Days Gone By by Jerry J.C. Veit
Caleb, a young man with his life ahead of him, has shut himself away from the rest of the world. After a fatal accident four years earlier that led to the loss of his cherished nephew, he was left unable to walk without a cane and suffers from an intense case of agoraphobia—the fear of being around other people. As the fourth anniversary of his accident and nephew’s death passes, Caleb finds himself in the midst of past family, friends, and loved ones offering him a chance to change his future.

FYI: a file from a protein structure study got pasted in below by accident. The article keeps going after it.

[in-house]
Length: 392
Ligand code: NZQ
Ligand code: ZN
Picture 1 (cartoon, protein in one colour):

Jerry J.C. Veit’s Days Gone By, a play in three acts, brings a new twist to Dickens’ A Christmas Carol. The author delightfully updates the story for modern times, but also reinvents it by creating a more human Scrooge and delving deep into his insecurities and fears. Veit has removed any extraneous detail from his dialogue which takes some getting used to, however it creates not only a Harold Pinter-esque feel to the play, but also lets the reader get to know Caleb and his family much faster. All of the characters are well fleshed out and the relationships between them have been fully developed, leading to a complex story. Veit’s attention to detail in characterizing and character relations lends this piece to be utterly believable which gives the reader an opportunity to experience all of Caleb’s grief, shame, fear, and pain which are contrasted with the supposedly-joyful holiday season. Days Gone By offers compelling new characters in a seemingly-old tale that will keep readers thinking about the story long after they’ve stopped reading.
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